• school policies in relation to meeting the requirements of the Vulnerable Children Act 2014.

Actions required

ERO identified non-compliance in relation to reporting to parents. In order to address this the board must ensure that it reports to parents about students’ progress and achievement in relation to the National Standards.
National Administration Guideline 2A(a).

Going forward

How well placed is the school to accelerate the achievement of all children who need it?

The school has capacity and capability to accelerate learning for all children. However, disparity in achievement for Māori and/or other children remains.

Leaders and teachers:

  • know the children whose learning and achievement need to be accelerated
  • need to develop and implement approaches that effectively meet the needs of each child
  • need to improve the school conditions that support the acceleration of children’s learning and achievement.
  • need to build teacher capability to accelerate children’s learning and achievement.

The school agrees to:

  • develop more targeted planning to accelerate learning for children
  • monitor targeted planning, improved teaching, and children’s progress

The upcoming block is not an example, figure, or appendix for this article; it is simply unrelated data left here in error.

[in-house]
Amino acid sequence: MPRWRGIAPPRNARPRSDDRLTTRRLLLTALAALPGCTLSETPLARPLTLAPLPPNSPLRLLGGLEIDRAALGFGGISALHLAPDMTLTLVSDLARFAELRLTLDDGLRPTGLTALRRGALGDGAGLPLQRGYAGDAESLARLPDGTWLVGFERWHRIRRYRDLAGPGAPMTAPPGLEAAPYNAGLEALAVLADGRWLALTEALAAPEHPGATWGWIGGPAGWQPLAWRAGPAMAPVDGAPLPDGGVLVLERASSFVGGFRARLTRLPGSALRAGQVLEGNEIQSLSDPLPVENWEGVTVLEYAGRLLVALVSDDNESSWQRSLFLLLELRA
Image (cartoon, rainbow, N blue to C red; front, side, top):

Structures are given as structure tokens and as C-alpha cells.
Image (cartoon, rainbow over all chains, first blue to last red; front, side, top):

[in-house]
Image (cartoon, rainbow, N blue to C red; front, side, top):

• discuss the school’s progress with ERO.

ERO will provide an internal evaluation workshop to support the school to develop effective planning and monitoring processes to support equity and excellence for all children.

ERO is likely to carry out the next review in three years.

Violet Tu’uga Stevenson

Deputy Chief Review Officer Northern (Acting)

14 July 2017

About the school 


Mangere East, Auckland

Ministry of Education profile number


School type

Contributing (Years 1 to 6)

School roll


Gender composition

Boys 54% Girls 46%

Ethnic composition

Cook Islands Māori


Provision of Māori medium education


Review team on site

May 2017

Date of this report

14 July 2017

Most recent ERO report(s)

Education Review
Education Review
Education Review

June 2014
June 2011
January 2008